We Don’t Post About Bruno


Encanto – Since Beth usually just wants to watch Halloween and horror stuff in October, I thought of the one Disney Animation Studios film we hadn’t yet watched when November came along. This one seems to have been quite well-liked, and I enjoyed it as well. It’s very colorful, too. Set in Colombia, it’s about the Madrigals, a family with magical powers, the matriarch being someone who escaped the destruction of her village with the help of a magical candle. Her husband died during the flight, but she was led to a secluded and magical place where she could raise her children. That candle now grants magical abilities to each member of the family when they reach a certain age. Various powers include super strength, incredibly sensitive hearing (that one definitely has a downside), flower generation, weather control, healing through cooking, prediction of the future, shape-shifting, and communication with animals.

And they live in a cool house that has a life of its own, with rooms suited to each person’s powers, which tend to be way bigger on the inside.

Mirabel, our protagonist, is the only one who wasn’t granted a magical gift when she reached the typical age. She’s voiced by Stefanie Beatriz, whom I know is on Brooklyn Nine-Nine, although I’m not too familiar with that show. When she sees signs that the house is falling apart, the others dismiss her concerns at first, and later start to blame her. She seeks help from her uncle Bruno, who disappeared when people blamed him for his predictions coming true, and the family barely even acknowledged him afterwards. He’d been secretly living in the house all along, however.

Bruno is voiced by John Leguizamo, who had previously been perhaps the weirdest possible casting for Luigi Mario. Mirabel finds out that the cracks have largely resulted from family members not being able to express themselves. Her sister Isabel, whom she resents for being favored and treated as perfect, is willing to marry someone she’s not interested in for the sake of the family, and has felt she’s only been able to create pretty flowers instead of other plants. And her super-strong sister Luisa feels the figurative weight of the world on her shoulders.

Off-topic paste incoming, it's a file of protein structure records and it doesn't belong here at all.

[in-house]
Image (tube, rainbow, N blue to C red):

Those donkeys seem surprisingly calm.
Even her grandmother, who’s obsessed with everything being perfect, feels she needs to do that to keep things working properly and fulfilling her role in the community. Although there were a lot of characters and not much time to develop every one that much, there’s still a clear sense of Mirabel’s relationships with many of them. It seems like Mirabel has every reason to be jealous, not just because she didn’t receive a gift, but because she still lives in the nursery and is sometimes treated as a burden; but she seems to value her family more than anything, and has a great deal of empathy. One of her earliest scenes in the movie has her singing about how awesome her family is, and not talking about herself. Also, while the house interacts with everyone to some extent, Mirabel and her Abuela are the only ones who talk directly with it. She’s also pretty adorable.

Lin-Manuel Miranda worked on the music for this movie, and the song “We Don’t Talk About Bruno” is actually a madrigal, in fitting with the family name.

I do find it interesting that the men who married into the family also took the surname Madrigal; I don’t know whether that’s a Colombian thing or a sign of the family being unusually matriarchal.

This entry was posted in Cartoons, Families, Magic, Music, Names, Relationships, Revisiting Disney, VoVat Goes to the Movies and tagged , , , , , , . Bookmark the permalink.

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